It is well–known from the literature that the Romans crucified rebels and criminals. In 1968, an ossuary (bone box; see below) was found, among others, in a tomb in north Jerusalem in which were the bones of a 28-year-old man and those of a child.
A 4.3-inch nail penetrated the right heel bone of the man. A piece of wood was placed on each side of the heel prior to the pounding of the nail to affix the person to a cross.
Clearly visible is the Hebrew writing of the name “Yehohanan son of Hagkol.” Note the two clear lines. Above and to the right of the name “Yehohanan,” in the first line, is another faint inscription (click on image to enlarge to view inscription).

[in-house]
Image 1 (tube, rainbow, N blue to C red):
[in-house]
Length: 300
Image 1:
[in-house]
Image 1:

The above picture represents a scholarly reconstruction of how Yehohanan son of Hagkal was crucified. Note how his arms are tied to the cross—no nails were found in his hands or wrists. In contrast, Jesus of Nazareth’s hands were nailed to the cross—Thomas wanted to see the “mark of the nails in his hands” (John 20:25).
HaFor a convenient description of this find see pp 318–22 in Clyde E. Fant and Mitchell G. Reddish, Lost Treasures of the Bible — Understanding the Bible Through Archaeological Artifacts in World Museums. Grand Rapids, MI: Eerdmans, 2008.